Households and businesses are to benefit from £90 million to cut carbon emissions in transport, industry and homes, Energy Minister Kwasi Kwarteng has announced. The complete funding package forms part of the Department for Business, Energy and Industrial Strategy’s £500 million innovation fund, which is dedicated to harnessing and rolling out cutting edge technology to fight climate change.
Of the funds recently announced, £70 million will include funding for two of Europe’s first-ever large scale, low carbon hydrogen production plants - the first on the banks of the Mersey, the second planned for near Aberdeen. A third project will develop technology to harness offshore wind off the Grimsby coast to power electrolysis and produce hydrogen.
Hydrogen is a low or zero-emission alternative to fossil fuels which could power future industry and transport.
The investment will also fund projects to trial cutting-edge technologies for switching industrial production from fossil fuels to renewables in industries such as cement and glass production.
The remaining £21 million will be used to fund projects aimed at cutting household emissions and bills through nine UK-wide local “smart energy” projects.
Minister for Business, Energy and Clean Growth, Kwasi Kwarteng, said: 'Every corner of the UK has a part to play as we eliminate our contribution to climate change entirely by 2050. This funding will deliver energy savings and reduce carbon emissions – a win-win for communities and the environment.'
The competition for the £21 million fund ran as part of the UK Research and Innovation (UKRI) Prospering from the Energy Revolution challenge and will contribute to the goal of achieving net zero emissions by 2050.
The £21m was awarded to 10 ground-breaking smart energy projects across UK, from Coleraine to Rugeley, to trial new technology which could become a blueprint for greener localized energy generation on the road to net zero.
Projects include generating geothermal energy from canals and old coal mineshafts and a heat network warming homes from the London underground.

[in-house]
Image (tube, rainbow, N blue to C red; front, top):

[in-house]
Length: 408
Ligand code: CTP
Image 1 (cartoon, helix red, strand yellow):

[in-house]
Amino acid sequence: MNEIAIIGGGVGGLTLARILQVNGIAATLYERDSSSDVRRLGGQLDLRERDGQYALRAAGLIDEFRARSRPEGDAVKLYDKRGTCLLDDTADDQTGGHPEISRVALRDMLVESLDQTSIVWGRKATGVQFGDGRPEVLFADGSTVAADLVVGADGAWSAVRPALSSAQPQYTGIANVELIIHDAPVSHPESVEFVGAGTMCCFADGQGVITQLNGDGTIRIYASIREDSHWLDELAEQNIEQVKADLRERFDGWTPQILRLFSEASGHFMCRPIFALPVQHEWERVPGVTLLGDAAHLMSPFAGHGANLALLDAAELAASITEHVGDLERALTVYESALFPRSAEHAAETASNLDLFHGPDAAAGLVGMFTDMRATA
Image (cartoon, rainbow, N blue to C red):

The projects have the potential to be scaled up and rolled out across industry, meaning houses and roads could be built using low-emission concrete by 2030. This would prevent 3.2 million tonnes of CO2 a year from polluting the environment - equivalent to taking 679,000 cars off the road.
Over 250,000 people could have their homes powered by local renewable sources by 2030 – which could lead to their energy bills reducing by as much as half, thanks to this government funding.
The competition winners include:
Zero Carbon Rugeley: to deliver a detailed design of a smart local energy system for Rugeley Town and its local area, including the 2,300 houses being built at the former ENGIE Rugeley Power Station site.
Peterborough Integrated Renewables Infrastructure (PIRI): by integrating electrification, mobility and heat provision, the design aims to maximise low-carbon energy use, accelerate low-carbon technology adoption and enhance the overarching energy system, providing a solution that can be fully replicated in other areas.
REWIRE-NW: using 5G and data, the project aims to cut costs and emissions.
Project REMeD: will develop the Horizontally Integrated Vertical Energy Systems (HIVES) approach to produce a local energy system design which covers the whole of Southend and is replicable across the UK.
Milford Haven Energy Kingdom: will focus on developing diverse, local seed markets to support the transition to hydrogen and renewables from fossil fuels. The funding will also allow the design to be developed to meet the heating and transportation needs of local communities, including local tourism to the area.
Rob Saunders, Challenge Director, Prospering from the Energy Revolution, UKRI, added: 'This innovative project provides new approaches to delivering our net-zero commitments by delivering cleaner, cheaper energy services while creating more prosperous and resilient communities. But as well as their benefits to consumers, this project, as part of the Clean Growth Industrial Strategy Grand Challenge, places UK industry at the forefront of the global shift to clean energy systems and economies.'
UKRI has also announced the winners of the Key Technology Components for Local Energy Systems competition. They will share a further £4.5 million of funding to develop technology components that help improve the efficiency of local energy systems.
These winners include technology that enables the charging of electric taxis and private electric vehicles at railway stations from the rail traction power supply; a two-way communications system that will allow network operators to communicate with household equipment to warn it when the local system is under stress and automatically relieve that stress; and a blockchain/AI-based virtual power plant (VPP) that aims to improve the efficiency of local energy systems.
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